Al Dupuis grew up listening to the sounds of his father’s fiddle, and first picked up a guitar at the age of nine. Now, a lifetime of music later, he is to be inducted into the New Brunswick Country Music Hall of Fame on Oct. 17.
Born in Chipman, N.B., and raised in Minto, N.B., Dupuis now teaches French at Digby Regional High School—although his teaching career was put on hold in 1977 when he decided to follow a career in music.
Music is “just part of who I am obviously, it’s something that is a means of expression,” he says.
He plays a wide variety of genres including country, folk, blues, rock, pop, Irish, French and more, and figures he knows 4,000 songs. Musical inspirations include Cat Stevens, Elvis Presley, Merle Haggard and the Beatles.
Since writing his first song at the age of 13, he has written over 1,000, and his favorite is one he wrote about friends in he met while teaching in Woodstock N.B. The song is called, ‘Friends I Left Behind.’
Touring through Nova Scotia, New Brunswick, Prince Edward Island and Ontario, Dupuis said his favorite places to perform are Miramichi and Oromocto.
He recorded four times, releasing an album in 1982 called ‘Be With Me’. Dupuis recorded in Halifax, twice in Nashville and in Fredericton.
A CD titled ‘Windows to the Heart’ was recently released by Dupuis, and contains 16 original tracks, plus an old favourite, ‘Amazing Grace’.
He went through a series of television shows in the 1980s, and performed as a guest on the Tommy Hunter Show, Wrap Around Nashville, and Maritime shows such as Maritime Country and Country East. “I was a regular on French television, it was a CBC country show from 1984 – 86 and that show was LaBastragne. I was accepted to be on ‘You Can Be a Star’, that was a big show back on the Nashville Network, back in the 1980s, I sent them a tape and they wrote me a letter back and they wanted me on the show but I declined to go because I had to pay for the flight and I didn’t have money,” Dupuis remembers.
Aside from the television work, Dupuis also won Maritime contemporary song-writing contest in 1988 and won male country vocalist at the first Francophone Music Awards in 1990.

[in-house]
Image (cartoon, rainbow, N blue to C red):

His song ‘You’ve been special to me’ hit number one in the early 1980s in New Brunswick and number two on the charts in Swift Current, Sask. “It went across the country,” he said.
He spoke of a day in the 1980s when singer Bobby Curtola wanted to manage him, however Curtola suddenly had to take off to Las Vegas.
Dupuis also turned down an opportunity from a writer with County Music News Magazine to get him a band and go on tour because he wanted to remain independent as a one-man show.
With more than 15 years in the music industry, Dupuis feels it would be harder this day in age to enter the industry. “Back then, we didn’t have to compete with karaoke and DJs,” he said. “I would say to a young person it’s going to be difficult to make a living play bars. I think you need to go through pretty much folk festivals, jazz festivals, blues, whatever it is you do and try it that way.”
Dupuis was inducted into the Minto Country Music Hall of Fame in 2007, and his father Arthur was to be inducted this past weekend.
Dupuis will be in Fredericton for his induction Oct. 17 to the New Brunswick Country Music Hall of Fame. “It’s an honour and the best part about it is I’ll be able to see some people I haven’t seen in a while,” said Dupuis. “I didn’t play for awards, I just play because I love to do it, I write for the same reason.”
Dupuis is performing Oct. 1 at the Digby Pines Golf Club from 8 to 11 p.m. for members and guests.
For information on where to purchase tickets for the Oct. 17 gala visit www.nbcmhf.com